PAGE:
You want to make sure you are building a solvent HOA, and that means crafting a budget that will cover the cost of everything your HOA will manage. What is the cost for the responsibilities your HOA will take on? Have you built in a buffer for price increases or emergency repairs?

HOA fees can go up over time,” says Baker. Even so, you’ll want to prevent fee increases whenever possible by building a realistic budget.

A planner open on the calendar for January.
Source: (Bich Tran / Pexels)

Step 9: Put together your fee schedule

You’ll need to determine how much you will collect from HOA members, and how frequently. “Most of the time the HOA dues are a monthly fee, but sometimes they’re collected yearly,” says Baker.

Step 10: Name your HOA

You’ll need to give your HOA a name in order to make things official. Although it doesn’t really matter what you name your HOA, most are named after the neighborhood they serve.

When choosing a name, make sure it isn’t trademarked by another organization. You’ll also want to ensure the name you choose isn’t too similar to other organizations’ names in order to avoid confusion.

Step 11: Form an LLC or nonprofit organization to establish and manage the HOA

An HOA is a legal entity and as such it should be created as a limited liability corporation (LLC) or a nonprofit. When you file to become an LLC or nonprofit, you’re taking your first true step toward becoming a real association. Take note that whether you establish your HOA as an LLC or a nonprofit, your HOA will be required to pay taxes.

Step 12: Draw up governing documents

The governing documents you create will be largely based on the operational needs of your HOA. Governing documents typically include articles of incorporation (which must be filed with your Office of the Secretary of State) and bylaws, which will spell out how frequently HOA meetings will take place, how votes will be held, and the process through which board members will be elected.

Step 13: Elect the governors

It’s now time to form your HOA board. Hopefully, you have some volunteers who are interested in serving, and the members of your HOA can vote to elect them to the board. Ideally, the community members serving on your board will have some experience in the role they take. For example, it’s helpful if your treasurer has a financial background.

A computer on a desk, showing what could be a website for a homeowners association.
Source: (Tranmautritam / Pexels)

Step 14: Create a website

In today’s online world, it’s almost unthinkable not to have a website for your HOA. Hosting a website will give you a chance to share information in one central location.

If you don’t have the skills to create a simple website and don’t want to invest the money to hire a web designer, consider buying HOA management software, which often has a website platform built in.

Step 15: Get insurance

Just like you have homeowners insurance to protect you in case something should go wrong at or on your property, your HOA needs insurance, too. HOA insurance will protect the association and its officers in case a homeowner sues.

According to Service Insurance Group, an HOA should have:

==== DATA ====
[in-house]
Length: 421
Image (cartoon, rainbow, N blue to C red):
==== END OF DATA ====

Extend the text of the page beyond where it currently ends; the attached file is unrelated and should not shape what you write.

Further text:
• General liability property insurance
  • Regular liability insurance
  • Directors and Officers (D&O) coverage
  • Social host liability coverage
  • Garagekeeper’s coverage (if the association has a garage where non-members can park)
  • Worker’s compensation and employee dishonesty bonds (if the HOA has employees)
  • Discrimination claims coverage

Step 16: Watch the budget

Now that you’re a bona-fide HOA collecting fees from your members, make sure you’re managing the budget correctly. When it comes to money, it’s best to strive for transparency.

Provide your fellow HOA members with a regular report of the fees that have been collected, how the fees have been spent, and the remaining balance in the account.

Step 17: Keep neighbors involved

Engaged members are an important piece of a successful HOA. Even if you have a website that members can visit for information, it still makes sense to build and execute a communications plan.

While most of your residents are probably happy to get their information online, you may have a few older residents that don’t log on regularly — or at all. To make sure you’re reaching everyone in your HOA, communicate on multiple platforms, even if that means sending out newsletters that recap meetings.

A man inspecting a landscaped lawn in a neighborhood that has a homeowners association.
Source: (Lisa Fotios / Pexels)

Step 18: Handle complaints thoughtfully

When you manage an HOA, complaints come with the territory, so you should have a process for managing the complaints that come in. You’ll also need to determine how strictly your HOA will enforce the CC&Rs.

“I had a client who lived in a condo community, and the HOA complained about their windchime,” says Baker. “Some communities can be very strict — they’ll have people on the board walk around and look for infractions.”

As hard as it can be to navigate a situation where a resident is in violation of the CC&Rs, Kilbourne points out that infractions can often lead to a stronger and more functional HOA.

“Let’s say a homeowner is piling dirt on his property, and everyone else wants it to stop. In a case like that, it violates the restricted covenants, and sometimes in those situations, the HOA sues the reluctant member,” Kilbourne says.

That action, he says, can often lead to a positive resolution. “Oftentimes, in the end, what arises is a more sophisticated system that everyone can agree to.”

So, there you have it: 18 steps to creating an HOA of your own. Plan methodically, check all your boxes, and you can establish an HOA that will serve your community for years into the future.

Header Image Source: (Michael Tuszynski / Pexels)